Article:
The man who led coalition forces in Iraq during the first year of the occupation says the United States can forget about winning the war.
"I think if we do the right things politically and economically with the right Iraqi leadership we could still salvage at least a stalemate, if you will -- not a stalemate but at least stave off defeat," retired Army Lieutenant General Ricardo Sanchez said in an interview.
Sanchez, in his first interview since he retired last year, is the highest-ranking former military leader yet to suggest the Bush administration fell short in Iraq.
"I am absolutely convinced that America has a crisis in leadership at this time," Sanchez said after a recent speech in San Antonio, Texas.
"We've got to do whatever we can to help the next generation of leaders do better than we have done over the past five years, better than what this cohort of political and military leaders have done," adding that he was "referring to our national political leadership in its entirety" - not just President George W. Bush.
Sanchez called the situation in Iraq bleak and blamed it on "the abysmal performance in the early stages and the transition of sovereignty."
He included himself among those who erred in Iraq's crucial first year after Saddam.
Sanchez took command in the summer of 2003 and oversaw the occupation force amid an insurgency that has sparked a low-grade civil war in Iraq.
He was in the middle of some of the most momentous events of the war, among them the dissolution of the Iraqi army and barring millions of Baath Party members from government jobs: two actions seen as triggering the rebellion among Sunni Moslems, who fell from power with Saddam Hussein.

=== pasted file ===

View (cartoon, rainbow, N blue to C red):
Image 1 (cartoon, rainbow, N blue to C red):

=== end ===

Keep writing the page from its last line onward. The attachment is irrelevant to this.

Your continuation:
Sanchez is also most closely identified with the Abu Ghraib scandal, which occurred on his watch.
Though he was cleared of wrongdoing by an Army probe, Abu Ghraib's searing images of naked prisoners humiliated by a rogue torture squad cost Sanchez an almost certain fourth star in the Senate, which approves general officer promotions.
Sanchez, 56, declined to talk about Abu Ghraib or other key events of the war, or say who was to blame for what went wrong.
"That's something I am still struggling with and it's not about blame because there's nobody out there that is intentionally trying to screw things up for our country," he said. "They were all working to do the best damn job they can to get things right."
Despite those good intentions, Americans will be forced to "answer the question what is victory, and at this point I'm not sure America really knows what victory is," said Sanchez, who is thinking of writing a tell-all book about his year in Baghdad.
Sanchez said a large troop commitment would be needed for years to come but conceded it is "very questionable" if Americans would support it.
Still, he said, "the coalition cannot afford to precipitously withdraw and leave the Iraqis to their own devices."